Page last updated at 11:54 GMT, Friday, 30 January 2009

Refinery picketed for third day

Protesters outside the refinery
The protesters have gathered in a car park outside the refinery

Hundreds of striking workers have taken part in a third day of protests in North Lincolnshire over the use of foreign labour on a construction site.

Up to 1,000 people gathered at Lindsey Oil Refinery after a 200m contract was given to an Italian firm. Protesters vowed to return on Monday.

Unions said British staff should be doing the work.

Total, owners of the refinery at North Killingholme, said there would be "no direct redundancies" as a result.

Protesters carried posters calling for UK jobs to be given to British workers.

The protest was disrupted at 0615 GMT, when a car collided with an oil tanker at the entrance to the refinery.

Firefighters took about 30 minutes to free the driver of the car, who was then taken to hospital.

We are disappointed they have taken this action and we hope the situation will be resolved as soon as possible
Total statement

Once the protesters were assembled in a car park opposite the refinery they were addressed by union leaders.

Unite regional officer Bernard McAuley told them: "There is sufficient unemployed skilled labour wanting the right to work on that site and they are demanding the right to work on that site.

"Our general secretaries of Unite and the GMB have called upon the prime minister to call an urgent meeting with the heads of industry in the engineering and construction industry to clients and the trade unions to get round the table.

"We want fairness. We want the rights of our members to have the opportunity to be employed, not just on this job but on all jobs around the United Kingdom."

Protester Kenny Ward told the crowd they had to stand together and take on the "greedy employer".

He said: "This is what it's about, it's about collective strength. I'm a victim, you are a victim, there are thousands in this country that are victims to this discrimination, this victimisation of the British worker."

Friday's Lindsey refinery protest ended at about 1000 GMT.

The protest began on Wednesday with a walk-out by Lindsey workers and at least 800 people demonstrated at the plant on Thursday.

The action has now escalated, with workers walking out of sites across the UK.

Refinery protest into third day

They included employees at BP's Dimlington gas terminal in East Yorkshire and its chemical manufacturing plant in Saltend, Hull.

Lindsey's Total bosses decided to invest in a new de-sulphurisation unit at the plant in 2004, and a contract to complete the work was awarded to the Californian-based engineering group Jacobs in June 2006.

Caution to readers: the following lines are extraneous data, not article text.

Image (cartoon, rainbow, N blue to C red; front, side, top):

When additional works were found to be needed a sub-contract was awarded to IREM over six other contractors, including five from the UK.

Cleethorpes MP Shona McIsaac said the decision was "like a red rag to a bull for people in our community who are out of work and who have skills that could be used in this construction project".

In a statement, Total said there would be no direct redundancies as a result of the contract.

"On this one specific occasion, IREM was selected, through a fair and competitive tender process, as the most appropriate company to complete this work.

"We will continue to put contracts out to tender in the future and we are confident we will award further contracts to UK companies.

"We are disappointed they have taken this action and we hope contractors return to work so the situation can be resolved as soon as possible through discussion with their union representatives."

It said its main refining operations on the 500-acre site remained unaffected by the action.

Print Sponsor


SEE ALSO
Power station staff join protest
30 Jan 09 |  Merseyside
Power plant staff stage walk-out
29 Jan 09 |  Edinburgh, East and Fife

RELATED INTERNET LINKS
The BBC is not responsible for the content of external internet sites


FEATURES, VIEWS, ANALYSIS
Has China's housing bubble burst?
How the world's oldest clove tree defied an empire
Why Royal Ballet principal Sergei Polunin quit

BBC navigation

BBC © 2013 The BBC is not responsible for the content of external sites. Read more.

This page is best viewed in an up-to-date web browser with style sheets (CSS) enabled. While you will be able to view the content of this page in your current browser, you will not be able to get the full visual experience. Please consider upgrading your browser software or enabling style sheets (CSS) if you are able to do so.

Americas Africa Europe Middle East South Asia Asia Pacific